Once you make the all-important commitment to fully support military lending, the next step is to familiarize yourself with the tips and best practices that can help you become a true military-lending authority. This includes learning the language used by the military.
For instance, lenders are required to get proof of a veteran’s services during the lending process. This is called a certificate of eligibility (COE). Truly understanding how to get a COE means learning the differences between active-duty personnel, active-duty reserve, National Guard and veterans. It means making sure you have a firm grasp of what forms, contacts and portals you need to use, as well as what processes you need to follow.
Understand how to recognize key information on military forms, including pay and duty assignments. Make sure you can read and interpret a leave and earnings statement (LES), which is essentially the military’s pay stub. It’s critical to understand military orders and how they relate to pay-stub housing allowances. Be sure to also know the difference between a DD214 and a statement of service.
Consider the VA 26-7, the lender’s handbook for VA loans, the law of the land. In this case, the law of the land is more about what you can’t do than what you can do. If the VA doesn’t explicitly say in the handbook that you cannot do something, then it is permissible. The VA empowers mortgage companies to make prudent decisions, which is why it is critical to learn and understand how to work closely and collaboratively alongside regional loan centers and mortgage investors.
Closing a VA loan is great, but truly becoming
a VA loan specialist is even better.
You can’t dispel common myths and misconceptions surrounding VA home loans unless you first understand what they are and where they come from. Familiarize yourself with common complaints, especially those myths that have hardened into mistaken conventional wisdom.
Think critically about not only how to respond with correct information, but how to get that messaging out to veterans and to the real estate community. Instead of reflexively blaming the VA for poor lender practices that cause delays or last-minute denials, ask yourself what concrete steps you can take to be part of the solution.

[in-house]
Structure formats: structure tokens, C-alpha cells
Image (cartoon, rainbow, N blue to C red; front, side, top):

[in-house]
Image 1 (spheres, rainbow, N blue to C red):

Don’t just learn the VA loan basics and consider your job done. As in everything else you do, make sure you practice your craft and are proactive about continuing to learn and grow. Eat, sleep and breathe the VA 26-7. Practice VA loan processes daily.
Connect with the VA regional loan centers often and dial the national 877 number as much as possible. Sign up to receive any VA circular changes. Make it a priority to attend the annual VA lenders conference. Teach classes, make videos, post on social media, and never stop encouraging those around you to do better and be better. Closing a VA loan is great, but truly becoming a VA loan specialist is even better.
Finally, join a community of like-minded servants and champions. Finding the right community for you means surrounding yourself with those who share your passion for service, for helping veterans, and for educating and empowering both themselves and others. If you are not currently in an environment that allows you to connect with champions who truly want to serve veterans, you may be missing out on a wonderful opportunity.
• • •
So, yes, thank a veteran for their service. It’s the polite thing to do. But you also should commit to helping veterans take advantage of the lending products and perks they have earned through that service — simply because it’s the right thing to do.